Magazine article Artforum International

Mimi Smith

Magazine article Artforum International

Mimi Smith

Article excerpt

ANNA KUSTERA GALLERY

Cross Meret Oppenheim with Barbara Kruger and you come real dose to the acute feminism of Mimi Smith's art of apparel. A welcome reprise of the excellent survey curated three years ago by Judith Tannenbaum at Philadelphia's Institute of Contemporary Art, this recent exhibition of Smith's sculpture and painting from the '60s to the present began with her "teacups," early sculptures that have so often served as textbook examples of "feminist art," and that were to overshadow the next thirty years of her career. (Oppenheim suffered a similar fate - until the Guggenheim's recent survey proved how extensively her oeuvre went beyond the 1936 fur-lined object.) Bringing Smith's reputation up to date was one of the accomplishments of this recent gallery show.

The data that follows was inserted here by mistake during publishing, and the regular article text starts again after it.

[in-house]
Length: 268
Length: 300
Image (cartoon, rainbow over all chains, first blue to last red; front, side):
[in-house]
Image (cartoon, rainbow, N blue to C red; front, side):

Smith's most famous work, Steel Wool Peignoir, 1966, deserves a place of honor in some museum's permanent collection. It comes, like a sleeping beauty, with its own soft vitrine in the form of a clear vinyl garment bag. This nightmare nightgown, stitched from nylon and lace and trimmed at the arms and throat with steel wool, looks like it could have been made yesterday; not only because it's in such good shape, but because it so clearly anticipates contemporary work by Maureen Connor, Beverly Semmes, and Jana Sterbak. Most of Smith's apparel doubles as protection, pliant hardware for a critical body. There is a monstrous girdle, made of rubber bath mats, and a vinyl maternity dress. The latter, a sci-fi vision of woman as test tube or "gro-box," boasts a plastic observation window (recycled from an old washing machine) projecting from the midriff. It anticipates another Smith staple, the widely exhibited Knit Baby Kit, 1968, which comes with instructions "so that every woman (or man) can knit her own baby."

In a noteworthy work from the '70s, Smith outlined on a wall a fully furnished house using knotted thread and measuring tape. …

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